That experience, in all conscience, was bad enough. It seemed impossible to imagine that anything in seafaring could be more thrilling, until I had encountered a storm in the Stream of the Blue Men and in the Sound of Scalpay. On the one side lay the island aforementioned; and on the other loomed the great sea-rent cliffs below Beinn a’ Chaolais. And so near did the latter appear that I felt it would have been possible at times to have stretched out my arm into the darkness to touch them.

I gave a sigh of relief when, having come at length to Ard an Aiseag, we swerved round into the wide harbour which, though stormy enough, was more sheltered than the open sea a few hundred yards behind us. Here I witnessed one of the most impressive scenes of my life. We had blown our siren when about half a mile away from the shore in order to give warning of our approach. And far off on the storm-swept pier stood the sturdy, oilskin-clad figure of one who, all his days, had been used to the sea, and knew the ways of the tempest. It was Alasdair Mor, who for six hours had been patiently waiting for us, and who, wildly waving a lantern to guide us through the eerie, drizzling darkness to the pier, sent a shrill, piercing whistle over the island for someone to assist him in the safe berthing of our tired and harassed coaster. Suddenly the throbbing of our engines ceased; and through the pandemonium of the storm and the noisy fizzing of steam came the voice of a strong, fearless man—’Caite am bheil Alasdair Beag?' (You see, I am tiny in comparison to Alasdair Mor!) ‘Tha e ceart gu leoir!’ replied the skipper, who in the meantime was eagerly engaged in supervising the slinging of the ropes and the safe docking of his old tub. At that moment I was standing shivering at the bow, but was so utterly overawed by the whole drama that I could not speak!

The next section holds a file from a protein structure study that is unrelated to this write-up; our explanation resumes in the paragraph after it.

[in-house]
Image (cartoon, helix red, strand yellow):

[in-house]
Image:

The tide was low at Scalpay; so we were obliged to disembark by the slippery, grimy under-stagings of the pier. And, after all the necessary duties had been fulfilled, we went for a few moments into a small cargo-shed near the pier, that we might take a breath and collect our wits once more. I leave it to my readers to picture a scene such as the one which I have endeavoured to describe to them. Unless you have had some experience of the sea, you can have no conception of the skill and determination in face of adversity of those who spend their lives on little ships.

Had this particular night not been so wild, we should certainly have picked up Alasdair Mor and gone on to Barra, where for more than a week the phenomenally heavy catches of herring landed at Castle-bay had been attracting adventurous crews from every port within reasonable distance.

It was now about 2 A.M.; and eventually I was led by Alasdair Mor to his summer quarters that lay at the northern extremity of a dark, sodden bridle-path. I had not seen him for years until this night: and, having supped at length, I sat up in bed and chatted on till daybreak, while he smoked an ancient, weather-beaten pipe by the warm, cosy fire.

On the following day the tempest had not abated sufficiently to enable us to proceed southwards to Barra; and, so, about noon we crossed over by Scotasay and Eilean a’ Gheoidh, the Isle of Geese, to the mainland of Harris, and moored our coaster to the pier at Tarbert.

Around us a thousand spating streams were tearing violently down from the great, mist-enwrapped mountains; and we could scarcely hear ourselves speak for the moaning of the wind and the gurgling and the gabbling of rushing water.